ORLANDO, Fla.— President Trump delivered a fierce denunciation of the news media, the political establishment and what he called his radical opponents on Tuesday as he opened his re-election campaign in front of a huge crowd of raucous supporters by evoking the dark messaging and personal grievances that animated his 2016 victory.
Almost four years to the day since he announced his first, improbable run for public office from the basement of Trump Tower in Manhattan, Mr. Trump mocked and disparaged Democrats, calling them the leaders of an “angry, left-wing mob” and declaring that the 2020 election will be a “verdict on the un-American conduct of those who tried to undermine our great democracy, undermine you.”
He extolled his record as president — the growing economy, the tax cuts and deregulation — but did not offer any new policies or a cohesive agenda for a second term that might expand his political appeal. As he formally declared his intention to run again, he told the audience that his new slogan would be “Keep America Great,” pledging to wage a relentless battle on behalf of his supporters.
“Our political opponents look down with hatred on our values and with utter disdain for the people whose lives they want to run,” Mr. Trump told a packed arena, later mocking Joseph R. Biden Jr., the former vice president and a Democratic rival for the presidency, as “Sleepy Joe.”
But for the most part, Mr. Trump avoided mentioning the nearly two dozen Democrats competing for the right to challenge him, and he resisted the temptation to use his favorite denigrating nicknames.
Mr. Trump had relentlessly hyped Tuesday’s event as a dramatic moment in his journey to a second term. But in the end, it was not so different from the dozens of rallies he has held during the past two years.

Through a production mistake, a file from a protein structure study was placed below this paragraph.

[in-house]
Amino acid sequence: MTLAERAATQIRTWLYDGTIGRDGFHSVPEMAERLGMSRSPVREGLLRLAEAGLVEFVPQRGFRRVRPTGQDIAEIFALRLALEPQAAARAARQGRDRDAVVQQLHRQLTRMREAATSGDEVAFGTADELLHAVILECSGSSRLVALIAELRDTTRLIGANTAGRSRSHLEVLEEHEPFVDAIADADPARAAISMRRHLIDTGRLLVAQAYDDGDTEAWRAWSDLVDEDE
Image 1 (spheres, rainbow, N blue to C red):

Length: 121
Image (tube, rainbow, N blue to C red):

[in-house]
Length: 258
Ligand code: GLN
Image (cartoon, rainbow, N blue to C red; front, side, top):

Standing in front of a sea of people wearing his signature red “Make America Great Again” hats, Mr. Trump unleashed a torrent of attacks, falsehoods, exaggerations and resentments that were the trademark of his first campaign and have been on almost daily display during his time in the White House. His warning for his voters: The establishment will stop at nothing to rob you of another four years.
“They tried to take away your dignity and your destiny. But we will never let them do that, will we?” the president said, declaring victory over a political machine that opposed his election. “They tried to erase your vote, erase your legacy of the greatest campaign — probably the greatest election in the history of our country.”
Egged on by the enthusiastic crowd, Mr. Trump cited a familiar list of grievances during his 76-minute speech. He railed against the “witch hunt” conducted against him by the special counsel, Robert S. Mueller III, and the “18 very angry Democrats” who worked with Mr. Mueller. He insisted — falsely — that Mr. Mueller had cleared him of all wrongdoing in connection with Russia’s interference in the 2016 election and of obstructing the investigation that followed. And he remained fixated on his 2016 opponent, Hillary Clinton, and her “33,000 emails,” once again prompting chants of “lock her up.”